Paradigm shifts need time
Many scientific theories which are today accepted as true, and which have been repeatedly confirmed through experiments, observations and fulfilled predictions, have taken decades to gain acceptance. It took nearly a century and a myriad of refinements and mountains of evidence before the Big Bang Theory was accepted. Paradigm shifts take place gradually.
The reasons for this might be many and varied. Perhaps they lie in the nature of the business of science, which is not known for radically adopting new positions overnight. In other cases, a theory – notwithstanding a growing quantity of proof – has perhaps at first been regarded as too audacious to be true.
It’s a similar situation in businesses, which each have their own strongly established cultural and organizational features, and continue to be characterized by hierarchical thinking, instruction-oriented culture and management decisions. A team that suddenly comes up with something as strange as independent digital collaboration without any instruction to do so, will need time to persuade, provide initial evidence and gather support for “letting employees off the leash”.
Successful intranet pilot projects and use cases help to win the backing of management and influential supporters. However, organizational and cultural shifts do not occur overnight in any business, least of all in organizations with a thousand employees or more.
We have covered this in more depth in other posts:
- How do I plan a social intranet in a major company?
- Introducing a social intranet: How to convince management
In a nutshell: softly does it! The stamina of the social intranet team is important. Success might not come until later.
Flukes and experiments
Sometimes it takes a lucky accident for scientific theories to arise, . Everyone knows the anecdote of the apple which supposedly fell on Newton’s head and gave him the idea of gravitation. Or the “Eureka!” of Archimedes when he discovered the principle which is now named after him.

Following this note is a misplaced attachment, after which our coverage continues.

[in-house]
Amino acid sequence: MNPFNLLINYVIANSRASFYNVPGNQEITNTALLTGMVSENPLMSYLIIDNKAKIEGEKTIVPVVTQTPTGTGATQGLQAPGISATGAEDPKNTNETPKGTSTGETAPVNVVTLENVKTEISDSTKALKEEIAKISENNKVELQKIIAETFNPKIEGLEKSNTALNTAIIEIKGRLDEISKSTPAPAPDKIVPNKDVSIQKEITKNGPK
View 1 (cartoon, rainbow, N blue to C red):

And there’s also a need for experiments with unforeseen outcomes. When Michelson and Morley, the proponents of the light-ether hypothesis, did their famous experiment, the last thing they had in mind was to pave the way for acceptance of a constant speed of light which would become a central building block in Einstein’s reflections on the special relativity theory. Penzias and Wilson initially thought the strange slight signal noise was caused by pigeon droppings on the radio telescope. While others might perhaps have ignored it, the two researchers instead proved the existence of cosmic background radiation – one of the most significant discoveries in the history of cosmology and one of the most convincing pieces of evidence supporting the Big Bang Theory.
Likewise in an intranet, people also need to be allowed to experiment, try things out and gain experience. How else are they to learn to use it effectively, efficiently and productively? In this context, functional restrictions and strict authorization management are toxic.
The intranet team must also experiment, introduce things and then remove them again, and iterate quickly, moving step-by-step toward solving their employees’ problems.
Coincidences are also important. Ideas that have the potential to propel the project will certainly come from many areas within the organization and throughout the hierarchy. There might be a student employee, working on his thesis, poring over something small or specific, which could be valuable to the entire intranet implementation project. The project team should canvas ideas from throughout the company with their eyes peeled. Start documenting everything in a social intranet, thereby making it “official” – this is good start miss fewer coincidences and good ideas.
Change comes about in the team
In physics, there are outliers who, by virtue of their spirit, have single-handedly revolutionized science. But there are not many of them. Einstein was one such genius, Newton another, and then one has to go all the way back to Galilei, Kepler and Copernicus to find someone similar. And even the brilliant Newton played down his own significance:
“If I have seen further, it is by standing on the shoulders of giants”.
Modern science was and is a team sport. We owe quantum mechanics not only to Heisenberg and Schroedinger but also to Niels Bohr, Max Born, Wolfgang Pauli, Paul Dirac and a multitude of other physicists. The Big Bang Theory was contributed to by dozens or, more likely, hundreds of researchers throughout generations – from Lemaitre with his early idea of an exploding primal atom to Hubble and his discovery of red shift through to the COBE Team, which in 1992 proved the existence of the tiny oscillations in cosmic background radiation , predicted by that theory, thus facilitating the ultimate rise of the Big Bang Theory.